Investment Column: Capital reason to be happier about Aviva

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Our view: Hold

Share price: 287p (+13.75p)

Television adverts for the insurance group Aviva say the group wants to quote its customers happy. Investors who have held the stock for the last 12 months will wonder why, with shares performing below the FTSE 100 average, they have been left feeling glum.

Yet the shares were in positive territory yesterday, after the company disclosed that it has built up its capital cushion to £2.5bn and that overall group sales raced away in the first quarter, up by 11 per cent on last year.

The chief executive, Andrew Moss, says that worries about the group's capital position have been an "overhang" to the share price and that yesterday's announcement should help to support the stock now that worries about a rights issue are out of the reckoning. This may indeed be an opportune moment to buy the shares, especially since the stock trades at undemanding levels. Watchers at Seymour Pierce agree and advise their clients to buy. They argue that the stock will reach 330p and that, trading at a 21 per cent discount to enterprise value, the shares are undervalued.

We have reservations about the group's exposure to potentially dodgy assets, especially mortgage securities and corporate bonds, however. Mr Moss says there were no defaults on its mortgage investments in the first quarter and it has hedged its equity investments, which is impressive, but this does not placate some analysts.

We worry that some of these investments still have the potential to go south and would wait for now. Hold.


Our view: Buy

Share price: 379.25p (+14.25p)

"How do you apply a price-earnings ratio to a company that grows at 100 per cent?" asks Nick Robertson, the chief executive of the online fashion retailer Asos. It is a fair question to answer the charge that, despite very good figures, the shares trade at a significant premium to the group's peer group on a price-earnings (p/e) basis. And regardless of any spanners thrown into the works by the analysts, investors would be mad to ignore one of the country's most successful retailers over the past 12 months.

The company issued its pre-close trading statement yesterday saying that annual sales to the end of March were up 104 per cent. International sales, which make up 25 per cent of the total and are an increasingly important part of the group's growth strategy, were up a remarkable 200 per cent.

Mr Robertson churns out the same old adage about not being immune from the economic mess that many retailers have found themselves in over the last few months. We think this is nonsense, and in the same way that it is rather ridiculous to apply a p/e valuation to a company like Asos, so it is to say that the recession is causing problems.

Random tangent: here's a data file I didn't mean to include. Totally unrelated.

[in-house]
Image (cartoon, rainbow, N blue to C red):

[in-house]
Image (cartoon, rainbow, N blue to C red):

The shares have had a good run, up a third in the last quarter, and while a number of analysts are starting to check their targets, we still think there is room for growth. The group has signed a number of deals with brands such as Mango and Hackett for this summer, and the international expansion continues apace. Mr Robertson says that the online book giant Amazon has more than 50 per cent of its sales outside the US, and while we are not convinced that Asos will reach the dizzying heights scaled by Amazon we do think investors should dash to buy the stock.


Our view: Buy

Share price: 335p (+4.5p)

It cannot have taken too much time to translate SDL's brief and to-the-point trading statement yesterday. That the group did not go into great detail should not overly concern investors, however, as it did say that the group expects to beat market expectations on revenue and operating profits.

Those holding shares in the group that provides translation software to clients in North America, Europe and the Middle East have enjoyed a good year, with the stock in positive territory over the past 12 months.

The chief executive, Mark Lancaster, says he is ecstatic with the company's performance during the recession and trading is better than expected. For investors, the business model is defensive, he says, arguing that the clients rarely leave foreign territories and always need translation services. The other good news is that on 11.6 times 2009 earnings, the stock is hardly trading at pricey levels.

Buyers may baulk, however, at the news that there are no plans to pay a dividend. Mr Lancaster says the board prefers to keep the balance sheet in good shape and keep back a war chest for acquisitions.

Investors should certainly be backing those that show resilience in these dangerous times and, while we think it is time that buyers saw some cash from SDL by way of a dividend, we conclude that the strong performance of the stock justifies a punt. Buy.